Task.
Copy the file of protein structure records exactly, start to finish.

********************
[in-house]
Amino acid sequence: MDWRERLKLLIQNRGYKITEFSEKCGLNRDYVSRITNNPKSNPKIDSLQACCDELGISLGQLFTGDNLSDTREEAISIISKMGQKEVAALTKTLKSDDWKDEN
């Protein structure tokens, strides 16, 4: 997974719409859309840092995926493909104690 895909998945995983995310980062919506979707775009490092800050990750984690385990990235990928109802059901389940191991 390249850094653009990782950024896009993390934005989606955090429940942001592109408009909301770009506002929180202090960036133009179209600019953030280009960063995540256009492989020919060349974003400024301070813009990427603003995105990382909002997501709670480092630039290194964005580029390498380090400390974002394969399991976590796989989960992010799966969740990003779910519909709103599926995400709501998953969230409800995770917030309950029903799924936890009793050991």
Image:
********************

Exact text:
[in-house]
Amino acid sequence: MDWRERLKLLIQNRGYKITEFSEKCGLNRDYVSRITNNPKSNPKIDSLQACCDELGISLGQLFTGDNLSDTREEAISIISKMGQKEVAALTKTLKSDDWKDEN
């Protein structure tokens, strides 16, 4: 997974719409859309840092995926493909104690 895909998945995983995310980062919506979707775009490092800050990750984690385990990235990928109802059901389940191991 390249850094653009990782950024896009993390934005989606955090429940942001592109408009909301770009506002929180202090960036133009179209600019953030280009960063995540256009492989020919060349974003400024301070813009990427603003995105990382909002997501709670480092630039290194964005580029390498380090400390974002394969399991976590796989989960992010799966969740990003779910519909709103599926995400709501998953969230409800995770917030309950029903799924936890009793050991």
Image: